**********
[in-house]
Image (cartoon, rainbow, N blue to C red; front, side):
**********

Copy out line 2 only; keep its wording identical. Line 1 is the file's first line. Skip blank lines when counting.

Image (cartoon, rainbow, N blue to C red; front, side):